Friday, May 27, 2011

Herbert Bayer the expressionist

Above left: Leaning Spiral Tower
Herbert Bayer
Welded COR-TEN® Steel
photograph by versluis, 2008.

This sculptural piece by Herbert Bayer was displayed at the Peyton Wright Gallery in Santa Fe, New Mexico (2008) and suggests characteristics of monuments designed by Tatlin and Gropius. To the right of Bayer’s “Tower” is the maquette of the Monument to the Third International (1920, unbuilt) by Vladimir Tatlin. Located underneath are pictures (elevation and plan) of the Monument to the Fallen of the March Insurrection (1920-21) designed by Walter Gropius.

Wolfgang Pehnt provides an interesting perspective about the expressive impact of the strong upward and oblique movement in an article titled Gropius the Romantic:

… In March, 1920, during the Kapp putsch which attempted to topple the Reich government, a number of workers had been killed in Weimar. Students of the Bauhaus had taken part in burying the victims and so incurred the displeasure of their director who feared political complications. Gropius, however, did enter the competition for the “Memorial of the Victorious Proletariat.” … this architectonic sculpture demonstrates how completely at home Gropius was with the formal ideas of Expressionism. Its form thrusts in a single direction that forces the observer to consider implications that derive from more than its actual substance: it cuts a rift in space. … [likewise] in Tatlin’s design, also made in 1920, for a monument commemorating the Third International, … [the] diagonal movement [is] similarly exploited for dynamic effect. …[1]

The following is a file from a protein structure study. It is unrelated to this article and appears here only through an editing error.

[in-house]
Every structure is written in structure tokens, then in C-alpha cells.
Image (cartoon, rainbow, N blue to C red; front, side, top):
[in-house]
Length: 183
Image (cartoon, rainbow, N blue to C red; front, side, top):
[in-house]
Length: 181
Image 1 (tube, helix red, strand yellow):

1. Pehnt, Wolfgang. Gropius the Romantic. Trans. Renate F. Franciscono. The Art Bulletin 53.3 Sept. (1971): 386-87. Print.

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